The case for CSR/ Sustainability Reporting Done Responsibly


IDENTIFY - MEASURE - MANAGE - CHANGE

Insights on how you can protect the environment, maintain and increase the value of your company, through a structured process.

Insights on how you can protect the environment, maintain and increase the value of your company, through a structured process.

Home / case studies / Case study: How GRI engages with its stakeholders and acts on their feedback

Case study: How GRI engages with its stakeholders and acts on their feedback

GRI is a global, independent organization that helps companies, governments and other organizations identify and communicate their impacts, as regards vital sustainability issues.

  • 80% of the world’s 250 largest companies issue Corporate Social Responsibility (CSR) reports in accordance with the GRI Standards.
  • 111 policies across 50 countries reference GRI.
  • The UN Global Compact and GRI have introduced an innovative action platform whereby the GRI Standards will be used by companies wishing to take action and report on the Sustainable Development Goals (SDGs).

This case study is based on the 2014-2015 Combined Report by GRI published on the Global Reporting Initiative Sustainability Disclosure Database that can be found at this link. Through all case studies we aim to demonstrate what CSR/ sustainability reporting done responsibly means. Essentially, it means: a) identifying a company’s most important impacts on the environment, economy and society, and b) measuring, managing and changing.

Layout 1

Abstract

GRI recognizes the importance of a multi-stakeholder engagement in promoting transparency.   Tweet This! Thus, as a multi-stakeholder organization, GRI aims at reinforcing an inclusive stakeholder engagement in its actions and projects, considering its stakeholders’ views. In order to engage with its stakeholders and act on their feedback GRI took action to:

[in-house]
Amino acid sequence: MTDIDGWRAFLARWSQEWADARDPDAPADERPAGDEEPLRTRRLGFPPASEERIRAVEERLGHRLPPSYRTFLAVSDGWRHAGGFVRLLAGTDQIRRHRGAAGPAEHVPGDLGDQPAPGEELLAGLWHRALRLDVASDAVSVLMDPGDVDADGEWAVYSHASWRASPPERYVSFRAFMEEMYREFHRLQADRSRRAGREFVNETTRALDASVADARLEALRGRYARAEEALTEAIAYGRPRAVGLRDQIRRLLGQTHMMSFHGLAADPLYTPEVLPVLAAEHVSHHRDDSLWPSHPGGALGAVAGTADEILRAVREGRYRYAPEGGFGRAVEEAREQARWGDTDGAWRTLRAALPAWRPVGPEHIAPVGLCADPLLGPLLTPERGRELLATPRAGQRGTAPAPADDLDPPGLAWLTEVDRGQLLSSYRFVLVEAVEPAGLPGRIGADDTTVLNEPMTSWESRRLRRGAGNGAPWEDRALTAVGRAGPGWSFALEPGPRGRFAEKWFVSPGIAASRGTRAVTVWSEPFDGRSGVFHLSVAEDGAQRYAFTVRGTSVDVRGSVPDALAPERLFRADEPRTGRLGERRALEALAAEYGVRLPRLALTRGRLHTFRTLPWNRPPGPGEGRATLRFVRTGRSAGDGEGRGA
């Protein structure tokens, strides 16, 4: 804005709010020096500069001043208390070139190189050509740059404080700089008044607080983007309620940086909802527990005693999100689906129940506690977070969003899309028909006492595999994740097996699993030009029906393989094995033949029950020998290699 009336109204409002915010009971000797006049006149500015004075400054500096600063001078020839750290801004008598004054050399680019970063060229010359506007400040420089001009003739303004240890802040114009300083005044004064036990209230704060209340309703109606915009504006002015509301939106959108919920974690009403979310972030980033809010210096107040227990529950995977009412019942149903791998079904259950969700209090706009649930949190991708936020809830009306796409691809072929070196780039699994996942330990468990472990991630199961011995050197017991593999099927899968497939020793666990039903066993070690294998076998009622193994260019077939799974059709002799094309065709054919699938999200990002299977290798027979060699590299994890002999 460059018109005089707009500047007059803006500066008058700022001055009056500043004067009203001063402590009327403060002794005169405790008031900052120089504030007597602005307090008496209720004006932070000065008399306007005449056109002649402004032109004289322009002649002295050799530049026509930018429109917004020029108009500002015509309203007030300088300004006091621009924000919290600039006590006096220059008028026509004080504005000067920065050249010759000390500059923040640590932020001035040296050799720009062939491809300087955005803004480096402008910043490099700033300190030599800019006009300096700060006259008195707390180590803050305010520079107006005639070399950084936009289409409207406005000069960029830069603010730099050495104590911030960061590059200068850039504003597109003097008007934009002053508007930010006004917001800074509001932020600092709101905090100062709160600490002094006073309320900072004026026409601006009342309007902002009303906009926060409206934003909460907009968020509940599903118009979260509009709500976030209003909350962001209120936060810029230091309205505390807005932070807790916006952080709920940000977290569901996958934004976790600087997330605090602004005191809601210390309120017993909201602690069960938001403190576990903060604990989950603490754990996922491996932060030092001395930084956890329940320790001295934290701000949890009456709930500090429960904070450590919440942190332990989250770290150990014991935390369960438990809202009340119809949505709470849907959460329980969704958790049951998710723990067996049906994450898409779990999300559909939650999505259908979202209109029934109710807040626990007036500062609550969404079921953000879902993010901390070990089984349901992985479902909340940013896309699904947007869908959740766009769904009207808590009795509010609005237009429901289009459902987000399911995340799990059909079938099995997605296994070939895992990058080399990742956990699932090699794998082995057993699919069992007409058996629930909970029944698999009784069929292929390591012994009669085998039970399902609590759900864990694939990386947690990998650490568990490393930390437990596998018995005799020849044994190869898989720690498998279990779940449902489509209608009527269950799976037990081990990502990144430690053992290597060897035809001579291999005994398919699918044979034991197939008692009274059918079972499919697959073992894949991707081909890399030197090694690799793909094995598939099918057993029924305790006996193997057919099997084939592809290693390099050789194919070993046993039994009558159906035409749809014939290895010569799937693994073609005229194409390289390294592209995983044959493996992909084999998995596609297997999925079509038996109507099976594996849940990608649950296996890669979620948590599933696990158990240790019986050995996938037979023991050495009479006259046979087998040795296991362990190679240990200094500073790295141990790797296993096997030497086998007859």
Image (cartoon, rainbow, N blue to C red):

• establish an efficient communication channel between the management and employees
  • acknowledge and comply with donors’ expectations
  • engage Alignment Service clients
  • develop the G4 Monitoring Program
  • introduce the Corporate Leadership Groups

What are the material issues the organization has identified?

In its 2014-2015 Combined Report GRI identified a range of material issues, such as ethical fundraising, coordination, feedback, complaints and action, public awareness and advocacy, employment, training and education, diversity and equal opportunity. Among these, engaging with its stakeholders and acting on their feedback stands out as a key material issue for GRI.

Stakeholder engagement in accordance with the GRI Standards

The Global Reporting Initiative (GRI) defines the Principle of Stakeholder Inclusiveness when identifying material issues (or a company’s most important impacts) as follows:

“The organization should identify its stakeholders, and explain how it has responded to their reasonable expectations.”

Stakeholders must be consulted in the process of identifying a company’s most important impacts and their reasonable expectations and interests must be taken into account. This is an important cornerstone for CSR / sustainability reporting done responsibly.

Key stakeholder groups GRI engages with:  

Stakeholder Group  Method of engagement
Governance bodies ·         Calls

·         Emails